After sell-out, critically acclaimed seasons in 2011 (Metro Arts) and 2012 (Brisbane Festival), both supported by funding through the Australia Korea Foundation, 지하 Underground recently returned to the Brisbane Powerhouse for the World Theatre Festival and the Australian Performing Arts Market in February 2014. The work has been nominated for several Matilda awards and won the Green Room Groundling award for Best New Musical (2012).

"Creative partnerships with Asia are becoming increasingly relevant in Australia as we move towards a more inclusive and diverse society, and it's great to be at the forefront of that conversation," says Neideck.

man playing accordian while singing with a woman
Jeremy Neideck and Younghee Park. Photo: FenLan Chuang

Polyglot returns to Seoul

The word 'polyglot' means to know or speak many languages. It's no wonder then that the Melbourne-based theatre company Polyglot Theatre delights in staging its interactive productions for children in different parts of the world. Korea is no exception and with assistance from the Australia Korea Foundation, Polyglot will return to South Korea in 2014, ready to enthrall hundreds of children with two productions Paper Planet and Tangle.

In Polyglot productions, children are given ordinary things such as elastic, cardboard or paper and make them into something extraordinary on a gigantic scale. With Paper Planet, Polyglot will use a public space to build a forest of trees made from cardboard. It will then invite children and their families to bring the forest alive by making creatures and objects out of cardboard and paper.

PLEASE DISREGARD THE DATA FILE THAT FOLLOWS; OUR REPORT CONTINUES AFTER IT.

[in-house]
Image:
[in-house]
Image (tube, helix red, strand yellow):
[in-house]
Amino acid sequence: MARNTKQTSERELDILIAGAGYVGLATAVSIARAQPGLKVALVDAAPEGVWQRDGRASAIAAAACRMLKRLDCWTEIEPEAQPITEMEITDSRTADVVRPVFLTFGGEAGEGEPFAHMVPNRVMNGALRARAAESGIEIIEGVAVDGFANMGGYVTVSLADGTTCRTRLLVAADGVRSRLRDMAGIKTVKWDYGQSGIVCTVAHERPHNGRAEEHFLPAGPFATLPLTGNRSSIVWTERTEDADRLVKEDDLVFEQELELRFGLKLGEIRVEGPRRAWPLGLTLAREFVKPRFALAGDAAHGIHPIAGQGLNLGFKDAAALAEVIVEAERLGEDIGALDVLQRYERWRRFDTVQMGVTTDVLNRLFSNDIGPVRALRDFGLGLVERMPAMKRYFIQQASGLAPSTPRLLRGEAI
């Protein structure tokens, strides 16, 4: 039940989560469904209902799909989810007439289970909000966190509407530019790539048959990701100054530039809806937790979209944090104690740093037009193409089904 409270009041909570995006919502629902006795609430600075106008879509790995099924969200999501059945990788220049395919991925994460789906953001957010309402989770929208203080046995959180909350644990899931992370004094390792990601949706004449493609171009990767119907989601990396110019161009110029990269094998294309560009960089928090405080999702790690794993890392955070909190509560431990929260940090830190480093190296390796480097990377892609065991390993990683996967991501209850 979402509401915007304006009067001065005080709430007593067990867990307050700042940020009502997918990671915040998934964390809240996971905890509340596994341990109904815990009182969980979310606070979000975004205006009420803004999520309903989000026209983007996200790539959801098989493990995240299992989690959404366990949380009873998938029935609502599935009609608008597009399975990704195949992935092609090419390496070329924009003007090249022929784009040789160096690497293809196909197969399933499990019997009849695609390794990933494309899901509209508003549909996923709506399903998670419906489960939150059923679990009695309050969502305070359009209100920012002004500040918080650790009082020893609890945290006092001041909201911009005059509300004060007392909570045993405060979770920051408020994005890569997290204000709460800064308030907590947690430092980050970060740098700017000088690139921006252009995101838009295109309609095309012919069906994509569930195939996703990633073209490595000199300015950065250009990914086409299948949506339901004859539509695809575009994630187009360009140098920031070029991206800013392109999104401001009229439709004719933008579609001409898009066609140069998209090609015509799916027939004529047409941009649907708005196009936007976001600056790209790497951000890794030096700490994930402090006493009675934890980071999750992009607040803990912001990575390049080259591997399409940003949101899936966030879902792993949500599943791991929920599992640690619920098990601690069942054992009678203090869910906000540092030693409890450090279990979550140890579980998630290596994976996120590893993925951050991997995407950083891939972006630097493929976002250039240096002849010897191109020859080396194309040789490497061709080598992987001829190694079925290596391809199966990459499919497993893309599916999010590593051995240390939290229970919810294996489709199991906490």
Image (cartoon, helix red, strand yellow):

Tangle invites children to use elastic or streamers to make a giant maze which they can design in any way they choose.

Paper Planet will be a highlight in the city of Daejeon during National Children's Day while Tangle will feature at one of Korea's most popular outdoor festivals – the Ansan Street Arts Festival in Ansan near Seoul.

"This Festival attracts up to 30,000 people per day who will have the opportunity to play in the Tangle giant elastic maze," says Polyglot's Executive Producer Tamara Harrison. "Tangle is one of Polyglot's most successful export touring works having performed in Singapore, New York and Seoul. Children and their adults construct a giant elastic maze with giant colored balls of elastic. Over two days the maze will become more and more dense as audiences participate in this communal activity, that creates both a fun interactive play space and a beautiful piece of public artwork.

"Hundreds of kids and their adults can experience these installations over a day. Paper Planet promotes a collective experience – both the Australian and Korean artists work in real time with the Korean audiences to make this Paper Planet into a dense, multilayered, enchanting 'world'. Tangle requires a similar collective effort to construct the play space and exist in it side by side."